Dannicah S. Blk 2. 3 Rebellion of 1837 After learning about the rebellion of 1837 and constantly taking notes, I realized the rebellion was not successful in overturning the government but it did unite both Upper and Lower Canada together. This was able to take away any differences of the two cultures, English and French. The impact did not happen immediately as intended though. In fact it caused the government to get back at the reformers and concentrate more on their punishment such as transportation, hanging, flogging and deaths for the rebels, instead of working on fixing the colony.
You can tell that Canada had a serious political problem that was in desperate need to be improved. When the Chateau Clique and the reformers squared off against each other, the British did nothing to ease tension. They appointed James Craig, an anti-French as governor just to arrest those who criticized the government and brought soldiers to intimidate the French. The French Canadians disapproved of the British democracy and found it very difficult to accept. There were numerous reasons why many French Canadians resented the government.
Three important ones were because of how discriminative economically and politically the government was of their language and culture, how they were given unequal taxation, and for their lack in power over the government. Although, this all happened in Lower Canada. The rebellion in Upper Canada was to bring an American style democracy because they, as well as the people in Lower Canada, believed that their government were discriminative against the French. The reason why I believe the rebellion in both Lower and Upper Canada was unsuccessful because they did not have any reasonable impact on any British colonies immediately.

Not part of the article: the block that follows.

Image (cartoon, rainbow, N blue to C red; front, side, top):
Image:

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To begin with, the Rebellion in Upper Canada failed miserably because of their lack of military experience. Many rebellions were killed during battle and several were arrested. Some even fled to America, they were no match for the British. This rebellion would have been more successful if the Catholic Church participated but church leaders advised parishioners to stay loyal to the British. The rebellion in Lower Canada ended quickly. The rebellion in Upper Canada also did not turn out so good as well since the British military overpowered them.
Even though Mackenzie, leader of the Upper Canada rebellion, took time to train his rebels and plan, the whole event all just led to deaths and arrest of many patriots. Mackenzie also escaped to America where he gained supporters there. In the end the British government continued to rule of Canada where they focused on discussing major punishment for the rebels. In my opinion, the leaders who led the rebellion of both Upper and Lower Canada were very similar. They could motivate emotions with words but they had no idea how to organize their supporters into affective forces.
Eventually, Britain’s ways of administrating the colonies would have to change. John Lambton, the Earl of Durham, a reformer politician, realized the whole cause of the rebellion was the conflict between the English and French. He then proposed that Upper and Lower Canada should be united. In conclusion, the whole Rebellion was not successful as planned since the impact did not happen immediately but when Lower and Upper Canada was united it developed a new country. However, both leaders of the Rebellion returned to Canada eventually and were considered heroes by some and other as troublemakers.
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